For example: “As the world begins to move back into a pre-pandemic state,” the book’s Amazon.com page explains, “children are beginning to show anxiety about the things us adults consider normal! Children are worried about being in large groups, taking off their masks, or seeing family or friends that they have not been around in-person over the past year!”

(more…)

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Kristina DiMaria

“My mother was the secretary of the K-to-4 principal at the Malden public schools, so I was always around education,” Kristina DiMaria says of her childhood. “It was amazing. My mother knew the children, their families, their grandparents on a first name basis. And she wouldn’t leave for the day until the last child left.” 

“But what really made me an early educator was when I was at Pope John for high school. I had to do community service my senior year, so I volunteered in the kindergarten classroom.” 

DiMaria fell in love with the volunteer job, but at age 18, she didn’t think she could make a career out of working with children. 

So DiMaria went to Bay State College and earned a two-year degree in fashion merchandising. But she also kept her connection to her mother’s school, volunteering and working in summer programs. And she continued her own education, earning a bachelor’s degree from the University of Massachusetts Boston, where she majored in English, minored in psychology, and took several early education classes.

Earning this degree was bittersweet, a personal achievement and something DiMaria did to honor her father who had passed away, but always emphasized the importance of going to college. 

Eventually, DiMaria took a job as a kindergarten teacher at a private school, Independence Route. The curriculum included STEM activities and “purposeful play.” 

“It became my passion, and I learned so much about teaching.”  (more…)

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As they steer Massachusetts through the pandemic, Governor Charlie Baker and Lieutenant Governor Karyn Polito have released a new report on the future of work. It’s an economic blueprint for rebuilding the economy that includes new plans for child care.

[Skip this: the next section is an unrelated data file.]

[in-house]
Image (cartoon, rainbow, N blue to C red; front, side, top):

Before the pandemic, Massachusetts had a thriving economy with a conventional “look” that included commuters traveling by car or public transportation to offices in busy commercial areas.

But now — in the wake of layoffs, less business travel, and more Zoom meetings – Massachusetts could see less demand for office spaces, shifts in employment, and the worsening of pre-existing social inequities.

To address these challenges, the report explores “what work could look like… in both the near term (to 2025) and the longer term (to 2030),” across the state’s “regions, economic sectors, commercial centers, local downtowns, transportation, and public spaces.”

Among the top eight insights in the report: (more…)

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Photo: mentatdgt from Pexels

 
Massachusetts child care providers – get ready to apply for a federal COVID-19 relief fund grant!

The funds are coming soon, and they will help providers emerge from the pandemic and rebuild.

Based on feedback from the field, the Department of Early Education and Care (EEC) is committed to creating an “accessible application process.”
 

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Strategies for Children

 
There are a number of ways that you can learn more about these grants before the application is released. (more…)

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“Child care is a workforce issue, and prioritizing investment in the following ways will help to overcome this barrier: